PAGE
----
My current work on racial inequality and social justice—and to a lesser extent my earlier work—takes me into areas of knowledge outside of what we teach and learn in philosophy classrooms. In the last six years or so I have co-authored multiple works and grant proposals with an economist, sociologist, social psychologist, lawyer, and a historian. I have written wi..
Daniel Dennett (Tufts) does seem to say that, but the real topic of this post is the good question he raises about how to figure out whether the kind of philosophy you’re doing is worth doing. We’ll get to that. But first, check out the following, from what might be the most clickbait-titled-but-just-for-academic-philosophers-article-ever-to-appear-on-a-mainstream-w..
The word “intuition” has been deployed with increasing frequency in philosophy over the past 100 years. This may be owed to an increase in philosophers’ explicit reliance on intuitions, but also to the increasing critical scrutiny that philosophers’ reliance on intuitions has been facing for 3 to 4 decades now. Here’s Richard Brandt in A Theory of the Good and the R..
Over at Electric Agora, Daniel A. Kaufman (Missouri State) takes up what may be analytic philosophy’s most notorious argument: G.E. Moore’s proof of an external world. As Kaufman says,
If you were to pinch the nearest analytically trained philosopher and ask him for the worst, most obviously fallacious argument in his tradition, he might very well tell you that i..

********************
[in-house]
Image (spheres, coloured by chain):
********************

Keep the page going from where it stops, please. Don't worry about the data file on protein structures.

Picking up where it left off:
In an entertaining and interesting interview, Barbara Gail Montero, associate professor of philosophy at CUNY and former professional ballet dancer, discusses, among other things, the role of conscious thought in the activities of experts. On one view (notably advanced by Hubert Dreyfuss and John McDowell ), experts get into the “flow” and act in a “nonminded” way:..
Occasionally a comment makes its way onto Daily Nous, or into the Daily Nous inbox, along the following lines: “I find it strange that no one seems to be discussing some important topic or defending some important thesis, T. Is it because the majority of philosophers, P, find T philosophically uninteresting? Or is the moderator censoring T? Or is it because P is too..
I suppose there are moments in everyone’s life during which they are forced to believe something that they don’t want to believe or don’t think they should have to believe, but I would venture a guess that this happens more frequently, and in regards to more abstract beliefs, to philosophers. Consider the following: (more…)
Do philosophers fail to make use of the tools best-suited to their inquiries? Do they even fail to learn how to use these tools? That’s one of the claims made by Jerry Gaus (University of Arizona) in a rich and wide-ranging interview at 3:AM Magazine. He says: (more…)